When I moved to Germany in 1977 as an idealistic and naïve young man, I was truly a stranger in a strange land. It’s probably obvious from my expression here, with my friend Ewald—who was one of my first German tutors and also patiently walked me through a few of the finer points of German etiquette.
I had, indeed, already traveled outside of the United State, but only briefly across the border into Mexico, and then to Ireland and England where I had relatives who were took pity on a young boy and sheltered him from things that might have been embarrassing.
I arrived in Germany as an adult—although I hesitate to use that word. I was 24 years old, but I still had a lot of growing up to do. I was somehow wise enough to realize that I was a visitor in a land that had been around for a long, long time. That truth hit me as I was riding in a train one time and happened to catch a photo/advertisement in my train compartment that was promoting an event in the town of Paderborn. The festival was a celebration of the 1000th year anniversary of the town’s founding.
The United States had just finished celebrating it’s bicentennial. We all thought that 200 years was a pretty big deal, but here was a town that was celebrating its 1,000th year. I realized that I was nowhere near Kansas anymore!
I won’t bore you with tales from the 5½ years I spent in this land. I will, however, share with you an instance that reminded me that I was, indeed, a stranger in a strange land.
Wrestling With the Widows
When I arrived in Germany, there were still vestiges of World War II to be glimpsed, if one was observant. While West Germany had rebuilt and scrubbed away much of the devastation of the war (unlike East Germany, which left burned and twisted remains of Allied bombings in place because they lacked the funds to clear them away), there were more subtle reminders of the devastation of war.
One of the things I’d noticed immediately was the large number of older women dressed completely in black. It took me a while to realize that these were the widows of soldiers from the war. At first it didn’t dawn on me because the war had been over for more than 30 years. In the scope of history, however, that’s really not that much time. A woman who was 35 years of age at the time of the war would have been only 65 then. And there were a lot of these black-clad women to be found everywhere I went.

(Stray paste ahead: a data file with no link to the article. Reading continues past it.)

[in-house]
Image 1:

As an American male, I had been taught deference to women such as these. That meant offering your place in line to a widow or holding a door open, or allowing such a woman to enter public transportation before you. That training didn’t prepare me for the women I met in Germany.
These were creatures I had never before encountered during my short stay upon this earth. They might politely be described as “scrappy” or perhaps a bit “pushy” in American parlance. I will not disclose the adjectives that went through my mind in my encounters with these individuals who had experienced hardship beyond my comprehension.
Nowhere, was this more evident that at the local food store where I shopped. Unless you’ve shopped the bodegas of New York, you probably can’t imagine what I’m talking about. The stores were small. The aisles were narrow. And if you wanted a shopping cart, you had to wait until one became available. Therein, lay my challenge.
I would walk into Stüssgen (the local grocer) and wait (amongst the widows) for a cart to become available. My upbringing had taught me to wait until the person purchasing was done emptying his/her cart before commandeering it.
Such was not the custom at my local grocery store. The women in black would line up and grab the carts as soon as they arrived at the checkout. While the person checking out was still emptying the cart, the black-clad widows would slowly but steadily pull the half-empty carts toward themselves (and snarl at anyone who deigned to take them).
I remember walking into the store one day with my list of items. I was the first in line to get a cart, but my upbringing prevented me from grabbing a still-in-use cart before it was empty. A diminutive and inky-clad figure behind me pushed me out of the way (with a force that defied her small size) and grabbed the cart in front of me.
Stunned, I stepped back a pace—which was a sign of virtual capitulation. The next widow in line roughly pushed me aside and grabbed the next cart coming through the line. Again, my upbringing prohibited me from protesting.
The scene, however, repeated itself multiple times. One person would check out, and I would be unceremoniously shoved aside by a widow who barely came up to my chest. I simply couldn’t bring myself to step in front of one of these “poor” souls. After about 10 minutes of this exercise, I finally gathered my loins and stepped out through the entrance, into the street. From there I beat a hasty retreat to my apartment, where I threw my shopping bag with great force against the floor and cursed these poor women who had lost everything 30 years ago.
It was one more reminder that I was a stranger in a strange (to me) land. To this day, I am still trying to figure out how I should have responded.